With the Stanley Cup final finished, the hockey world turns to the offseason, and the betting world turns to early odds for next season’s championship contenders. On June 12, 2019, NBCSN reported that the Tampa Bay Lightning were the early favorites to win the 2020 Stanley Cup with odds going at 6-to-1.
Yes, even with the way the Lightning flopped out of the playoffs this year, the team is the favorite to win the Cup. Despite a four-game spanking by the Columbus Blue Jackets, the team still had a beyond exceptional regular season and should still have a ridiculously talented roster skating for them in the 2019-2020 season.
Before the Lightning even gets to the next season, they need to focus on the contract status of some of their players. Centers Cedric Paquette and Brayden Point along with wingers Adam Erne and Danick Martel are restricted free agents, while defensemen Anton Stralman and Dan Girardi are all unrestricted free agents.
Brayden Point is the big fish here. Thankfully he is restricted, meaning any team that wants to sign him away must forfeit draft picks to the Lightning in addition to the large contract that it would take to sign him. Generally, teams are unwilling to do so in the NHL which leaves the Lightning at an advantage in getting him back. However, some team might be desperate enough, considering Point’s 92 point season last year.
The trick is to get Point to sign a cap friendly deal that hopefully is long term. That is not necessarily for next year, but if the Lightning can keep as much cap space as possible open for the 2020 offseason that would be excellent.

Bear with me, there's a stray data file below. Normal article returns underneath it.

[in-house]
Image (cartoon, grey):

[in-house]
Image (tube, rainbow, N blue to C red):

It really feels like the 2019-2020 season might be the Lightning’s last shot at the cup for a little while. After next season, the team will have to find the money to give new contracts to a number of young, key players. Forwards Anthony Cirelli and Mathieu Joseph, defensemen Erik Cernak and Mikhail Sergachev and goalie Andrei Vasilevskiy are all going to be restricted free agents next year, and it might take more money than the Lightning’s cap space will allow keeping them all. Outside of Vasilevskiy, the Lightning will be able to weather losing a couple of these players, but it will still diminish the team’s long term potential.
Overall, don’t expect to see many flashy offseason moves by the Lightning. Truly, steady as she goes is the best course of action for the team and the best chance on making those 6-1 odds stick.